IBM z/OS V2R1 Communications Server TCP/IP Implementation Volume 1: Base Functions, Connectivity, and Routing
An IBM Redbooks publication
Published 17 December 2013, updated 04 May 2015
IBM Form #: SG24-8096-00
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Authors: Rufus P. Credle Jr., Uma Maheswari Kumaraguru, Gilson Cesar de Oliveira, Micky Reichenberg, Georg Senfleben, Rutsakon Techo, Maulide Xavier
For more than 40 years, IBM® mainframes have supported an extraordinary portion of the world's computing work, providing centralized corporate databases and mission-critical enterprise-wide applications. IBM System z®, the latest generation of the IBM distinguished family of mainframe systems, has come a long way from its IBM System/360 heritage. Likewise, its IBM z/OS® operating system is far superior to its predecessors in providing, among many other capabilities, world-class, state-of-the-art support for the TCP/IP Internet protocol suite.
TCP/IP is a large and evolving collection of communication protocols managed by the Internet Engineering Task Force (IETF), an open, volunteer organization. Because of its openness, the TCP/IP protocol suite has become the foundation for the set of technologies that form the basis of the Internet. The convergence of IBM mainframe capabilities with Internet technology, connectivity, and standards (particularly TCP/IP) is dramatically changing the face of information technology and driving requirements for even more secure, scalable, and highly available mainframe TCP/IP implementations.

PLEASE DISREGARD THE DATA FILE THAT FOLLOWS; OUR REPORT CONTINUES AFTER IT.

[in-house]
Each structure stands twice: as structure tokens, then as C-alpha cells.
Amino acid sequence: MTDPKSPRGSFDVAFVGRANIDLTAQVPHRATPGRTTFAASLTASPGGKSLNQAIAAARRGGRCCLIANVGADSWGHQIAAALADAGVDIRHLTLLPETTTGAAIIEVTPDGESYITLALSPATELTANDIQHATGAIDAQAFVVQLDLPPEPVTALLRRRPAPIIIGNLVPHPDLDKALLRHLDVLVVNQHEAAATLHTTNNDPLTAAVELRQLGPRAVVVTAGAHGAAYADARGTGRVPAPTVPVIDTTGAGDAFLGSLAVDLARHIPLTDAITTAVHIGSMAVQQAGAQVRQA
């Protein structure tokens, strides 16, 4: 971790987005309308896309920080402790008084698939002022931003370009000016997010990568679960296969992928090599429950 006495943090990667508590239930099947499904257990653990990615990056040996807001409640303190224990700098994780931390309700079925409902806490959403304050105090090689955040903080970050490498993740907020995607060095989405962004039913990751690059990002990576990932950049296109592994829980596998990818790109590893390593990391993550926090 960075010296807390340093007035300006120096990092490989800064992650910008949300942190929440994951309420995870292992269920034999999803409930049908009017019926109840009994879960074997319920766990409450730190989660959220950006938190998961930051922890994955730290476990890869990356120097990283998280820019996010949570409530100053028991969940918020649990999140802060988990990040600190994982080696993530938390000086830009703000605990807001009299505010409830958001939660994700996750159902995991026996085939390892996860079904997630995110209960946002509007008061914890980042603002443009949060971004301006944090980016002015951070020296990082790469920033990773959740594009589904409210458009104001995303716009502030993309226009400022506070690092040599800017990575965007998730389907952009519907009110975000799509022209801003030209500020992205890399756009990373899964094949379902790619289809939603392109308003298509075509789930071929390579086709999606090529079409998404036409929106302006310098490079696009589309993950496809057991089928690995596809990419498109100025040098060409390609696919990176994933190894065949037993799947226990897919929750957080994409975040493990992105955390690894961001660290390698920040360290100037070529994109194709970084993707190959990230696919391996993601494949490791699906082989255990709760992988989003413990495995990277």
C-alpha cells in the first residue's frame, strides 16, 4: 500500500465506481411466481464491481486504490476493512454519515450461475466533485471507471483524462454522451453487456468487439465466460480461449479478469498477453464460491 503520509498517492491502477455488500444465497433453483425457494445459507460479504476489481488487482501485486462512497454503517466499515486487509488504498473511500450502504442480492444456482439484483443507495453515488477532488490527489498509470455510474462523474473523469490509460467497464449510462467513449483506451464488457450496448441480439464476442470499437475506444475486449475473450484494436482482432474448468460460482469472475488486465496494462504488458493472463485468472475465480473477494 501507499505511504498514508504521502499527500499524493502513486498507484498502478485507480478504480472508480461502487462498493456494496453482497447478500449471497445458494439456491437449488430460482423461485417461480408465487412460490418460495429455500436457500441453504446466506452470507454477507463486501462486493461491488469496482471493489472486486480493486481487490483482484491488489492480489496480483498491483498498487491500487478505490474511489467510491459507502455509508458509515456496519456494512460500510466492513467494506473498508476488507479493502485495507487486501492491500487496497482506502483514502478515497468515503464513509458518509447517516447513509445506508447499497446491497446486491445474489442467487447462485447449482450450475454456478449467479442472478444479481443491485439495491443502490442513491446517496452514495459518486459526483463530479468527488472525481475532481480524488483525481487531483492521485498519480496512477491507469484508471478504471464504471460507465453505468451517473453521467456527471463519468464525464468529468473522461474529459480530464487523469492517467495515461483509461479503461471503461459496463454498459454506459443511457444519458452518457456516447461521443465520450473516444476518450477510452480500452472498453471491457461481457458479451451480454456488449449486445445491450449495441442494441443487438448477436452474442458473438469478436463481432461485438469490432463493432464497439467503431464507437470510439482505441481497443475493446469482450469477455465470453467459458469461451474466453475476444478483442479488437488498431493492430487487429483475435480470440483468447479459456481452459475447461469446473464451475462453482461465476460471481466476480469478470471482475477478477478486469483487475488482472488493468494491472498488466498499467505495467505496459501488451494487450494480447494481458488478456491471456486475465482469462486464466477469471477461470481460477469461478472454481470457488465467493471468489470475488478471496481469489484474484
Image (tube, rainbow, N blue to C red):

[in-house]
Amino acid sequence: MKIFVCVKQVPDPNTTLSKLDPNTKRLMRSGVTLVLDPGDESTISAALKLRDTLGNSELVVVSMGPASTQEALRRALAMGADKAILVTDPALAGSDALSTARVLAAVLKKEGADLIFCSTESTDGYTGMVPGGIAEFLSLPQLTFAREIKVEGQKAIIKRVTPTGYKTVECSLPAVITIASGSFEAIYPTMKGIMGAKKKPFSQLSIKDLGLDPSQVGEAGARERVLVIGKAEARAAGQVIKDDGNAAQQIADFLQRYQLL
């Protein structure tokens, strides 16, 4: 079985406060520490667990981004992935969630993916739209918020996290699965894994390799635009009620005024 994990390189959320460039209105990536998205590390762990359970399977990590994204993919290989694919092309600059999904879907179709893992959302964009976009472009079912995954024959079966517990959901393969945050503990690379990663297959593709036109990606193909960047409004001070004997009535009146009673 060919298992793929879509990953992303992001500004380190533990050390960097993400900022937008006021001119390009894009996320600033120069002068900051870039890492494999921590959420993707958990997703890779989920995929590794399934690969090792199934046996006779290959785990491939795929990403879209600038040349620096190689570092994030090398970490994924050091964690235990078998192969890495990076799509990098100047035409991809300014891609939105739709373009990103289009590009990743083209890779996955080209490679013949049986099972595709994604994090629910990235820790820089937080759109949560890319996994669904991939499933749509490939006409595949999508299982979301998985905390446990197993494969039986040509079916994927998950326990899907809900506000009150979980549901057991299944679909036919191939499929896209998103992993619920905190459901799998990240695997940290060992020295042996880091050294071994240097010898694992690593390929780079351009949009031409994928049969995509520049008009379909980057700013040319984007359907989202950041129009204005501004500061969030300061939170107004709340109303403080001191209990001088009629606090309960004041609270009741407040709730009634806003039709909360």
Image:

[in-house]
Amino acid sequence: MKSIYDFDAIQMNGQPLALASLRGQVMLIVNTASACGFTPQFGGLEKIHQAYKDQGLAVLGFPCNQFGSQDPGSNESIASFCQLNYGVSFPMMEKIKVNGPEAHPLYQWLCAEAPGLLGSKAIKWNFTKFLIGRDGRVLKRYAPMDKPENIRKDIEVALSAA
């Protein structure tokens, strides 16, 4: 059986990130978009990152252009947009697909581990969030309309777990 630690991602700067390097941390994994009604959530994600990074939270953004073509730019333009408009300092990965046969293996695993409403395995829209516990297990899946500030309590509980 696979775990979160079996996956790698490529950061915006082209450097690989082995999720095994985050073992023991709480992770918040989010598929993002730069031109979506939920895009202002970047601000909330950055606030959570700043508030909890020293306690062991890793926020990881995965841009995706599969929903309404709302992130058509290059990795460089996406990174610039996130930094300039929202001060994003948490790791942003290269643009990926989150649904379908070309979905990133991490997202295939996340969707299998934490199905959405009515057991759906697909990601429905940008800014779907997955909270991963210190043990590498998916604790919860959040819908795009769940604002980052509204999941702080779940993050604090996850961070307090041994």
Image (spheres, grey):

The IBM z/OS Communications Server TCP/IP Implementation series provides understandable, step-by-step guidance for enabling the most commonly used and important functions of z/OS Communications Server TCP/IP.
This IBM Redbooks® publication is for people who install and support z/OS Communications Server. It introduces z/OS Communications Server TCP/IP, describes the system resolver, showing implementation of global and local settings for single and multi-stack environments. It presents implementation scenarios for TCP/IP base functions, connectivity, routing, virtual MAC support, and sysplex subplexing.
Table of contents
Chapter 1. Introduction to Communications Server for z/OS IP
Chapter 2. The resolver
Chapter 3. Base functions
Chapter 4. Connectivity
Chapter 5. Routing
Chapter 6. VLAN and virtual MAC support
Chapter 7. Sysplex subplexing
Chapter 8. Diagnosis
Chapter 9. z/OS in an ensemble
Appendix A. IPv6 support
Appendix B. Additional parameters and functions
Appendix C. Examples used in our environment
Appendix D. Our implementation environment
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